The Definitive Pith Helmet Guide

 Kyle Dalton  - November 2006

Kyle Dalton - Kill Cavlry: Vintage Clothes For The Man Of ActionPith helmets are one of the most iconic pieces of adventure gear. Just seeing them implies safaris, tropical adventures, and the age of imperialism. However, there are many types of pith helmets, and it takes a bit of looking around to determine which pith helmet is right for your impression. Some are more fitting for a haughty professor, while others are better for the two fisted rogue. As to which is appropriate for which, we'llnow turn to this guide.

Pith Helmets in General

A true pith helmet is what you should look for. Straw pith helmets, woven hats patterned in the shape of a pith helmet, and plastic pith helmets are a no-go. Pith is a type of cork that comes from the sola plant, or a similar species and a substitute is easily spotted. Cheaper though plastic and straw may be, it brings the entire wardrobe down to a store-bought feel, and can kill your look of adventure. Most providers of pith helmets will give you true pith, but keep an eye out, and if you aren't sure, call or e-mail them.

Wolseley Pattern Pith

This is the most common kind of pith helmet you'll find today, and the most recognizable of the types out there. This is about the most common price and style offered, though it can be found for cheaper, and in separate colors: The Village Hat Shop. The Wolseley pattern gets it's name from the man who instituted the new version from the more Victorian peaked pith helmets we'll cover later on. This version was instituted just prior to the Great War, and saw service well through the end of the Second World War. Originally, it began, as all pith helmets did, as a military pattern, but eventually was adopted by civilians in tropical climates as well. And, as we'll see with most other pith helmets, the Wolseley pattern saw relatively little actual combat. Cork is no substitute for metal on a battlefield, and is much more practical (and comfortable) behind the lines. Here's another dealer that carries the Wolseley pattern pith along with WWII and WWI British tropical gear: What Price Glory - BRITISH LIST - HEADWEAR.

From The Website: "Pith Helmets, Wolseley Pattern. This is the type used from 1900-1943, with the long neck flap. New reproduction available in sizes 7, 7 1/4, 7 1/2, 7 5/8, 7 3/4. $60 Wolseley Pith Helmet Special: Wolseley helmet (Regular $60) is now $45 with purchase of any British tropical uniform (Shirt or Bush Jacket AND Shorts or Trousers, either green or khaki)."

This is also a Wolseley Patten pith, though it isn't named as such:

From TAG Travel Clothing: "Bengal Pith Helmet": Made of Genuine Cork Pith in the Original Style and shape used by the British in their Manoevers around Bengal in India.This is the real Thing. Genuine Cork Pith covered in 100% Cotton Drill Fabric.Many of the Original moulds are used to make these Pith Helmets.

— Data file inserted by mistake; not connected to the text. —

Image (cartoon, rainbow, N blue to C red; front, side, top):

International Military Antiques" "IMA has a huge selection of military collectibles and antiques. Our huge selection of militaria spans from pre- civil war through World War 2."

This is an original Wolseley with plenty of good pictures that can be used for reference: British WW2 Dated Woolsey Pith Helmet:

From Thier website: First introduced before WW1 and named for the British Victorian Hero and Commander-in Chief of the Army. Comes complete with Maker's label stating Size 6 Helmets Ltd., Wheathampstead 1941 with Broad Arrow stamp. Inner liner surface retains an original silver paper type lining and leather sweatband. The Tan canvas outer surface retains "pugaree" (wrap) and ventilation top mount. These rarely survived because of their lightweight construction, but were a blessing in the Desert heat of the North Africa Campaign against Rommel. These are just what the Eighth Army under General Montgomery used at EL ALEMAIN.

This Wolseley provides a little information on the history of this style of helmet, though it can be misleading, it was created after the Victorian era: British Victorian Colonial Pith Helmet:.

From Their Website: "Constructed, as in Victorian times, of cloth covered cork type material with light adjustable liner and adjustable leather chin straps; one size fits all. This New Made Pith Helmet is perfect for wearing or for your Military display. This model is the Wolseley Pattern Pith Helmet, named after the Army Chief of Staff in the close of the Victorian era, Sir Garnet Wolseley. Introduced in time for WW1 and saw service throughout the Empire until after WW2."

Other Wolseley Style Patterns The Wolseley pattern has a corner on the front brim of it's helmet, though there are others not in the Victorian peaked style that are squat and rounded as well. African Safari Pith Helmet